Someone, over on Homebirth Debate, has suggested that I should write a book. Hah!
It will have to wait for my retirement, and only if some really crazy publisher will give me a giant advance, but...
When I reminisce about my 40 years' work in maternity care, of course there are cases which stand out. Generally they are not the simple, easy ones, although quite a few have more to do with the foibles of the women or couples in labor rather than complicated labors or bad outcomes.
There was the Black Muslim Birth, where several Afro-American (as they were called then) men, dressed in business suits, arrived with a very pregnant woman in the "uniform" of floor length skirt, long sleeved tunic top, and head scarf, all in the same pastel color. (This was back in the days of Elijah Muhammad, when the Black Muslims had not yet become standard Sunni Moslems and whose main tenet was hatred of the whites). One of the men informed the (white) OB resident that "no damn white man was going to examine his wife", let alone deliver her. But as she was obviously in labor, we could hardly send her away. I was not yet a CNM, but I'd done quite a few deliveries when the residents were otherwise occupied, and it was agreed I'd take care of this woman unless something began to go wrong.
After all the normal admission preliminaries, the husband informed me that it was essential, when I cut the cord, that the stump attached to the baby be anointed immediately with grain and oil and certain prayers said. Fine by me, I said. I was hardly going to argue with a very large and rather aggressive black man. He seemed satisfied, and unrolled his prayer rug, and began his version of the standard Moslem prayers, even though I could have told him that he had the Arabic all wrong and he was bowing with his backside facing Mecca. Couldn't see much point in it, frankly. I was a devil to him.
The delivery was uneventful. As I tied and cut the cord, with Daddy at his wife's head, I used the drapes on the mother's stomach to hide the baby's end, which I'd left quite long, and held up the placental end. "Here", I said, "do your thing" and with much "Allahu Akbar"-ing and other gibberish he anointed the placental end of the umbilical cord with his grain and oil and I saved the baby from septicemia.
Afterward, he thanked me, and told me that it was a huge relief he hadn't had to fight "Whitey" for his religious beliefs. "It's a real shame", he said, smiling pleasantly, "that when we take over the world we're going to have burn all you kikes along with all the other whites."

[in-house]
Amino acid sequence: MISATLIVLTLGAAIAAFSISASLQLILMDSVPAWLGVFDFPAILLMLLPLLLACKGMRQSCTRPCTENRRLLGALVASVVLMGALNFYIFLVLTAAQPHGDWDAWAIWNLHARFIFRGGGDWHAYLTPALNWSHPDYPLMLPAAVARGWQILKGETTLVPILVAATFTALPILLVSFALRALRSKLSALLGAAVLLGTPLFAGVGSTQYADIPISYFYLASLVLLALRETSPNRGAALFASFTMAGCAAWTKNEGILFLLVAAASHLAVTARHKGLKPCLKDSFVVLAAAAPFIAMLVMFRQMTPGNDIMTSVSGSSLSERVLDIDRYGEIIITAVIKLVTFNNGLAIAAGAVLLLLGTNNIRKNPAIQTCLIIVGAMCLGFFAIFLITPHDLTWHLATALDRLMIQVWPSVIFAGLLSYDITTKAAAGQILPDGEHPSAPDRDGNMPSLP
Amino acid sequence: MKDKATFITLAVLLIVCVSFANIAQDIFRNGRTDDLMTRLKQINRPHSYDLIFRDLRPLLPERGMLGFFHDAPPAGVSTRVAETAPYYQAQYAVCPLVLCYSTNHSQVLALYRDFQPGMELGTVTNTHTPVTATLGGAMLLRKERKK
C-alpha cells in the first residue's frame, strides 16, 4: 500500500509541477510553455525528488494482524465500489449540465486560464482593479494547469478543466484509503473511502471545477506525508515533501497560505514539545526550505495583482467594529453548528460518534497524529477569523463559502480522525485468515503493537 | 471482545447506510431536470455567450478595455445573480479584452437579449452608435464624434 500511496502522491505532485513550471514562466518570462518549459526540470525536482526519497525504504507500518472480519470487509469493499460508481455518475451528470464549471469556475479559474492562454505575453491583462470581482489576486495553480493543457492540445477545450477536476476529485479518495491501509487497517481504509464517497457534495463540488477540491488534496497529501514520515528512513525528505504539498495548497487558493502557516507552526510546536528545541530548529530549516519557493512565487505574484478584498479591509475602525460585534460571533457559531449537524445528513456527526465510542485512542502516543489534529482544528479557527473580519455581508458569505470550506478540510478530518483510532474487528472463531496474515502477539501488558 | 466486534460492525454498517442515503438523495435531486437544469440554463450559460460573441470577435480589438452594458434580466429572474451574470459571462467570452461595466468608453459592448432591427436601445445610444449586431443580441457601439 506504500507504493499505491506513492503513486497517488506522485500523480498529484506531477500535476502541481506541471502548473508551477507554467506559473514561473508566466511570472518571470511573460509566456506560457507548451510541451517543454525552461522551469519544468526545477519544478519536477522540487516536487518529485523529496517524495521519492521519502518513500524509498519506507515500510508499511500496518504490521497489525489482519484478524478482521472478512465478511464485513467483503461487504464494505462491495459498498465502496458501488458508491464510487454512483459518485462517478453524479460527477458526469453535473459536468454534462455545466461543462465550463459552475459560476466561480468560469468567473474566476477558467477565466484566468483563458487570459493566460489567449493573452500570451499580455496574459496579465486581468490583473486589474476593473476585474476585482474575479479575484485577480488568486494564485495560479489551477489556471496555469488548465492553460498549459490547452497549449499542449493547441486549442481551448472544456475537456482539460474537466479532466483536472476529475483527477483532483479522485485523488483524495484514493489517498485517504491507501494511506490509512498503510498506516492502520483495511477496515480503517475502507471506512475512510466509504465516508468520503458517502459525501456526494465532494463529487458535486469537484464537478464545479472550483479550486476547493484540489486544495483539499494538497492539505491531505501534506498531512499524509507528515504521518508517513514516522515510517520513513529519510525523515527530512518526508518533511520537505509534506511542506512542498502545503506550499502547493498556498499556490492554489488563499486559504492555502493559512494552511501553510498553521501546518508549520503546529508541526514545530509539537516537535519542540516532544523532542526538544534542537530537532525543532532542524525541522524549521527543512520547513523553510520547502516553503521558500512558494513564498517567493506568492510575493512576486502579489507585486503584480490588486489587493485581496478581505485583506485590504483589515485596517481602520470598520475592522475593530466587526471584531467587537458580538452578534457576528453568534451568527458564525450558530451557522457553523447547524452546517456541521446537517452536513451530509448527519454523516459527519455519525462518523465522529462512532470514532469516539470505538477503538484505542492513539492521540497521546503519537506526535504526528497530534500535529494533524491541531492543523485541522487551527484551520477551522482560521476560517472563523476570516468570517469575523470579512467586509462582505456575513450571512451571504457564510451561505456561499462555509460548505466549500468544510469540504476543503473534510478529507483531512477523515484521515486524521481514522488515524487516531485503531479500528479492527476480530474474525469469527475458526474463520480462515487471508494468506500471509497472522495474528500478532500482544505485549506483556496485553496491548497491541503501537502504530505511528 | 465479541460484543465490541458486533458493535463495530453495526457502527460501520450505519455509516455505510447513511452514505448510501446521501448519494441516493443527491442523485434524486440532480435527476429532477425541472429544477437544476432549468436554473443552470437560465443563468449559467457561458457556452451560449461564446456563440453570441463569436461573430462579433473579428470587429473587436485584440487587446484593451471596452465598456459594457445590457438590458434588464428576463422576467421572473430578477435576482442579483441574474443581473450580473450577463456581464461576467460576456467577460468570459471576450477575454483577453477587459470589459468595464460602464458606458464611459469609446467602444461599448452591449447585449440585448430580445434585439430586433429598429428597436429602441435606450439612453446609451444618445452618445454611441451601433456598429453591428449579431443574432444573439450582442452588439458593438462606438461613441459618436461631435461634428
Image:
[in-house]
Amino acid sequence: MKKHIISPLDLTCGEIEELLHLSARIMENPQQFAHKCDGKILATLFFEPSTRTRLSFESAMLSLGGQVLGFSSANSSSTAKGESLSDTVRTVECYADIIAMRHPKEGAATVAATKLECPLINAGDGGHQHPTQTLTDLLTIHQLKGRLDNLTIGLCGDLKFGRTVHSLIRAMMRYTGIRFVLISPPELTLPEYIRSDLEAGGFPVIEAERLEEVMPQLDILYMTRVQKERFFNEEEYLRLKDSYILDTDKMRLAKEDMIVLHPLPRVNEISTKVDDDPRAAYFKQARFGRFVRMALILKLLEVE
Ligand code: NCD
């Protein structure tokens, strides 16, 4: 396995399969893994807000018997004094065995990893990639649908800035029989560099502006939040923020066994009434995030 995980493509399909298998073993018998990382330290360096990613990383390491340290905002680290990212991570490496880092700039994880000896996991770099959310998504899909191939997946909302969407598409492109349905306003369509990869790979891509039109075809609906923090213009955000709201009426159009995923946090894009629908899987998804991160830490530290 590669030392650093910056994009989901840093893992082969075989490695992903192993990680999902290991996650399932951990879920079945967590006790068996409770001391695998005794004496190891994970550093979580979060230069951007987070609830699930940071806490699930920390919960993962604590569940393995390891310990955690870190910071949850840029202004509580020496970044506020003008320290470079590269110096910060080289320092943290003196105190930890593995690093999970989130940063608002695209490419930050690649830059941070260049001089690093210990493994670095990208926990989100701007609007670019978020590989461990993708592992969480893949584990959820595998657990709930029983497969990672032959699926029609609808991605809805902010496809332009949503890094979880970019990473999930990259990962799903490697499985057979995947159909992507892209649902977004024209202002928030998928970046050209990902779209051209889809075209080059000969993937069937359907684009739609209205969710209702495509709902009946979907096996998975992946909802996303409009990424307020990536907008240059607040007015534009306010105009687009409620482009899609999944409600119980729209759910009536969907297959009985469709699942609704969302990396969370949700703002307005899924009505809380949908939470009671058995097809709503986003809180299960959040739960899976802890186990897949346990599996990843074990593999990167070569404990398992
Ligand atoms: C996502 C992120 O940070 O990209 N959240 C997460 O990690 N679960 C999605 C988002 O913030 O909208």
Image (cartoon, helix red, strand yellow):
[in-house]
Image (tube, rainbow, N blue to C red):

And then there was the hysterical lady who arrived on a stretcher, flinging herself around and generally behaving as if she was delivering imminently. She was thrashing so much that it was impossible to listen to the baby's heart, but it didn't seem as if she was having any contractions--the abdomen was entirely soft, although she was screaming in Spanish as if in agony and didn't stop. Severe, constant abdominal pain is a sign of premature separation of the placenta, a major complication. One of the residents, suddenly inspired, ran to the delivery room down the hall, and brought back a mask from one of the anesthesia machines, and put it over her face, connected to nothing but room air. "Breathe deeply!" he urged her, in Spanish. Instaneously she went completely limp. So limp, in fact, we had trouble "waking" her up to find out her name. From that time on, whenever we had a patient who was screaming but not in labor, which was quite common among certain cultural groups, we would say "Get THE Mask, quick!" and we all knew what was meant.
My hospital had a lot of women delivering who were in drug detox programs because we had bought a small hospital a block away and turned it into a detox center. One of the problems we had was knowing exactly the drug status of these women, who often detoxed in pregnancy intending to get high when labor began. They knew that normal amounts of painkillers wouldn't help at all with labor pain, unless they reduced their tolerance levels. So we really couldn't give them anything lest we depress the babies. On our blackboard, where all the patients were listed, we would write "DA" after their names, to alert the staff. A new, and very politically-correct, supervisor, objected to this "labelling" as being prejudicial. Thereafter, in the "analgesia" column,, where we could list the patient's request for an epidural, local anesthesia , or other pain medication when it was needed, we wrote "vocal". The lady in question could scream, and having injected herself prior to admission, usually did, flying around the ceiling without any inhibitions.
When I was at the very beginning of my career as a delivery room nurse, we had a patient who, every two minutes, would let out the most bloodcurdling screams: "Ay, dios mio!! Ay, Santa Maria!!! Ay-ay-ay!!!" Every time this happened, I'd jerk, and start to get up to go to her, but my comrades in the nursing station would tell me to sit down, that she was nowhere near delivery. "But listen to her!" I'd exclaim, and they would smile and shrug. Then we heard "Ay, dios mio! Ay, Santa-----" followed by silence, and everyone stampeded toward the patient. You can't scream and push at the same time.